From the first day I started using the Snap, I liked it’s small size, sleek style, and the full QWERTY keyboard. Having WiFi, GPS, and the ability to load many of my favorite Windows Mobile programs on a device specifically made for texting and emailing was a pleasure. If you aren’t a heavy mobile internet user, if you use Exchange, if you are constantly jotting notes or replying to messages, then the Snap might be a great option.
I could not agree more. This is just a fantastic phone for all the reasons you mentioned and plenty of others.
Theis available from various online retailers, and it sells for ~$399.99 unlocked.
The Sprint HTC Snap is available from Sprint, and it sells for $149.99 with a two year contract, or $399.99 without.
What We Like: Sleek, thin, and minimalistic styling everywhere but on the front – that’s where the full QWERTY and necessary buttons reside; trackball is slick and makes for easy four way navigation; excellent for texting and email; WiFi on the HTC branded; new Inner Circle feature is great for paring down incoming emails; GPS; excellent battery life
What Needs Improvement: Trackball is only 4-way, can make webpage navigation tricky; no WiFi on the Sprint version; I really (really!) wish that there was a thumb wheel; battery cover is a pain to remove; sleek design means no 3.5mm earphone jack; keyboard on the Sprint version is too small and cramped
European Version (Unlocked) HTC Snap Specifications:
Processor: Qualcomm® MSM 7225™, 528 MHz
Operating System : Windows Mobile® 6.1 Standard
Memory: ROM: 256 MB; RAM: 192 MB
Dimensions: 116.5 X 61.5 X 12.0 mm ( 4.59 X 2.42 X 0.47 inches)
Weight: 120 grams (4.23 ounces) with battery
Display: 2.4-inch TFT-LCD with LED back light and QVGA resolution
Network HSDPA/WCDMA: Europe/Asia: 900/2100 MHz; Up to 7.2 Mbps down-link speed
Quad-band GSM/GPRS/EDGE: Europe/Asia: 850/900/1800/1900 MHz
Device Control: Trackball with Enter button
Keyboard: 4-row QWERTY keyboard
GPS: Internal GPS antenna
Connectivity: Bluetooth® 2.0 with Enhanced Data Rate and A2DP for wireless stereo headsets; Wi-Fi®: IEEE 802.11 b/g; HTC ExtUSB™ (11-pin mini-USB 2.0 and audio jack in one)
Camera: 2.0 megapixel color camera with fixed focus
Audio supported formats: AAC, AAC+, eAAC+, AMR, AWB, QCP, MP3, WMA, WAV, MIDI
Video supported formats: WMV, ASF, MP4, 3GP, 3G2, M4V, AVI
Battery: 1500mAh Rechargeable Lithium-ion battery; Talk time: Up to 300 minutes for WCDMA and up to 510 minutes for GSM; Standby time: Up to 480 hours for WCDMA and up to 380 hours for GSM
Expansion Slot: microSD™ memory card (SD 2.0 compatible)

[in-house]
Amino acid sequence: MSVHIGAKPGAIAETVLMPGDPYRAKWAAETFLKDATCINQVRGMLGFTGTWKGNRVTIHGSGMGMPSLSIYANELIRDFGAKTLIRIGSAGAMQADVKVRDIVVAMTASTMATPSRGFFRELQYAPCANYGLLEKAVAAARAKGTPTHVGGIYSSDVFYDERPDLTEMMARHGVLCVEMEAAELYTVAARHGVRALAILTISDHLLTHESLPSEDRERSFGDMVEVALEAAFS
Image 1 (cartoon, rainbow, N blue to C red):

AC Adapter: Voltage range/frequency: 100 ~ 240V AC, 50/60 Hz; DC output: 5V and 1A
Sprint Branded HTC Snap Specifications
Operating System: Windows Mobile® 6.1 Standard
Applications: HTC Inner Circle™, Live Search, Microsoft® Internet Explorer® 6, Microsoft® Office Mobile (Word Mobile, Excel® Mobile, PowerPoint® Mobile, and OneNote® Mobile), Microsoft Outlook® Mobile, NASCAR® Sprint Cup Mobile, Sprint Instant Messaging, Sprint NFL Mobile Live, Sprint Music Store, Sprint Navigation™, Sprint Software Store, Sprint TV™, YouTube™
Processor: Qualcomm MSM7625, 528MHz
Internal Memory: 256MB Flash / 192MB RAM
Display: Large 2.4″ screen with 320×240 QVGA resolution
Technology: CDMA2000 1X/EVDO Rev. A/1xRTT, IS-95A/B voice or data, digital dual band (800 and 1900 MHz), Bluetooth® v2.0 with Enhanced Data Rate and A2DP for stereo wireless headsets,
Email: Support for Office Outlook Mobile® and Microsoft Exchange® with Direct Push
Dimensions: 4.5″ (L) x 2.5″ (W) x 0.5 (D)
Weight: 4.2 ounces (with battery)
Battery: 1500 mAh Li-on
— Talk time: Up to 4.6 hours
— Standby: Up to 320 hours
Built-in Camera: 2.0 MP CMOS with fixed focus
Audio/Video: Windows Media® Player 10 Mobile, MPEG-4, H.263, H.264, AVI, WAV, MP3, MP4, MIDI, WMV, 3GP, 3G2, WMA
I/O Interface: Bluetooth® 2.0 with Enhanced Data Rate and A2DP for stereo wireless headsets, mini-USB 11-pin connector, USB cable and charging interface
Expansion: microSD™ memory card slot
Device Navigation: QWERTY keyboard, one-touch keys to access HTC Inner Circle™, Messaging, Internet and Camera, 5-way navigation pad, end/power button, send/hands-free button, back/clear button, Home button, volume up/down button, 2 softkeys
Antenna: Internal antenna
In-Box Content: Stereo headset with mic, Quick Start Guide, CD (User manual and Sync software), USB Sync cable (mini-USB/USB), AC adapter